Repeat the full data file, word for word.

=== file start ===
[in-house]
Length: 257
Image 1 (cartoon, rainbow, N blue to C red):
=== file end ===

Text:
[in-house]
Length: 257
Image 1 (cartoon, rainbow, N blue to C red):